5. Manifolds for this car have been in production since the 1970’s. They were cast from poor material, and are very thin, and prone to failure in six or seven places. Even if the current crack is repaired, it’s likely to crack in another spot on cooldown. Heating it to only 1200 won’t prevent it from cracking, this is a very long manifold off a straight eight. Having worked on lots of these manifolds, and having thirty five years of experience with this particular manifold, and having been involved with the people who have manufactured them in the past, and am very friendly with the current people who have thr project, and having installed five or six new manifolds, I can tell you not to waste your time and money. I have no horse in this race, but have been through this many times with this manifold. It was a one year only design.........they failed when new, and were replaced by a diffrent design in 1930. Just like the UU-2 carburetor made of all pot metal that came on the car, there were three upgrades to make the carburetor work and last. Don’t fight it, just replace it.

  6. Hi Terry. It hasn’t been on a AACA field as far as I know. I don’t want to “spill the beans” but I think you will enjoy it. It has many unusual and unique features. It’s an unusual platform, and not often seen. I look forward to seeing you at the show. PM sent, Ed.

  7. The Cadillac engine is governed back by being under carbureted, thus if you change it out, you take a large risk on ruining you engine. The “easy” way out on a pre war car is usually the most difficult and damaging to the car. Where do you stop? 12 volts, hydraulic brakes,  electronic ignition, radial tires, electric wipers, tilt steering column? All pre war cars can and will run correctly with stock components, it’s just that some are more difficult than others. If I want to drive a Cadillac fast, I’ll buy a modern car. At some point modifications make the car no longer what it was. I have driven 1931 Cadillac’s thousands of trouble free miles and they were all bone stock. No, it wasn’t easy, but it sure is rewarding when you car runs circles around another similar car, and the other guy can’t believe you car runs and drives so good. Make the effort, learn you cars original systems and make them work, it’s more rewarding than you can imagine.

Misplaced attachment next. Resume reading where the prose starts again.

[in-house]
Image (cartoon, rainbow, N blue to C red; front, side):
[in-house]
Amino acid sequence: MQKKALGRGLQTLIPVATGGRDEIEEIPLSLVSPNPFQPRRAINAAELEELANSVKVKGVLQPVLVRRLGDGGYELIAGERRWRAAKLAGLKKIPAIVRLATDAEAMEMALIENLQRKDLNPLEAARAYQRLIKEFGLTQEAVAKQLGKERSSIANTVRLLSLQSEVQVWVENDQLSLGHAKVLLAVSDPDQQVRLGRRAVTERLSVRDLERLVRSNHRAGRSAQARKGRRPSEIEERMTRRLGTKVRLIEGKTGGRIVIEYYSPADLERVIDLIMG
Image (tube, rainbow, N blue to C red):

To be clear.......a more modern carburetor can cause the car to be driven too fast for its brakes, steering ability, and overall chassis handling,as well as spinning the engine to fast.........it will tear the car up from the inside out. Plain fact of the matter is most modifications are made by people who have no clue as to what they are doing. Not only does carburetor size come into play, do they tune the car with a five gas analyzer? Do they understand the fuel supply system? Are the changes safe in the event of an accident or possibly be more likely to cause a fire.....I can tell you from forty years experience that 99 percent of thr time the answer is no.

     

    PS- when I drive early Cadillacs, and I have owned them from 1914 to 1940, I carry TWO fire extinguishers, yes, two......get the hint?

     

  8. I’ll be at the Ocala meet and for me it will be a first. I have attended AACA meets since 1971, and almost every Hershey since then also, but this is the first time I will have ever showen a car or have it judged in this organization. I’m looking forward to having a car on the field and meeting some more forum members in person. 👍

    • Like 1
  9. Halon won’t touch paint. Recently a mid seven figure car burst into flame in the shop with a ruptured fuel line......(not our car) and I put the fuel fire out in a fraction of a seconed. The puddle of gas was on the floor, but did not reignite. Ask yourself this simple question, why does virtually every car on the field at Pebble Beach have Halon? Because it’s the best thing available. 

    • Like 1
  10. West is right! Take everything off except the side mount covers. Go to blackwalls, and a darker red will look fantastic. Be sure to only order four tires for the ground, and see if thr covers will go over them......probably not, then you might need 650 or 700’s under the covers. All new tubes.......for safety. And with the money you save on radials you can still have six new hoops and be way under the cost of the others. It seems lately trim rings are getting very hard to find.......lots of people ask me if thr Pierce rings will fit a Lincoln.......and the answer is no.....we tried it twice in the last ten years just to be sure. We made 18 inch rings ten years ago, only had five people pre order sets, and made twenty sets just to make the production work. We sold them all off in less than a year. People are still calling. Lesson.......when you see them, buy them, as it isn’t going to get any easier. If you can find a spare wheel, I always buy one and keep it in the trailer, so I’m the event of a flat on tour, I don’t have to fight with covers and drive on a smaller tire.